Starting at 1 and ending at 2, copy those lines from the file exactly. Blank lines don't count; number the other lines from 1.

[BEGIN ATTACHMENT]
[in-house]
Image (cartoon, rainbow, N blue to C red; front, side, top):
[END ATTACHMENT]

[in-house]
Image (cartoon, rainbow, N blue to C red; front, side, top):